IBM's Privacy-Friendly RFID Tag Ready For Production - InformationWeek

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Hardware & Infrastructure

IBM's Privacy-Friendly RFID Tag Ready For Production

IBM granted the first manufacturing license for its RFID Clipped Tag, designed to let consumers remove RFID antennas from clothing, prescription drugs, and other items they've just purchased.

IBM's answer to privacy concerns about RFID tags: tear them off. The company last week said it has its first manufacturing agreement for its Clipped Tag, which is designed with an antenna that's as easy to remove as ripping a piece of paper.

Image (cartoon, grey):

Churn out those tags

Churn out those tags

Photo by Fred Prouser/Reuters
That would let retailers put on unpurchased merchandise a tag that could be read at a distance for inventory and other uses. Once bought, the ripped tag could be read only from inches away, making it useful for returns but not a security risk. Some worry tags that can be read from up to 30 feet create risks, with thieves using RFID scanners to lie in wait and rob buyers.

IBM, of course, hasn't convinced skeptics like Katherine Albrecht, co-author of anti-RFID book Spychips (Nelson Current; 2005), who says once item-level tagging leads to an infrastructure for such individualized data, people will misuse it in ways that violate privacy.

IBM's manufacturing licensee, Marnlen RFID, still needs to find business customers for the tags. But IBM, ever the hipster, has done an informational YouTube video on them.

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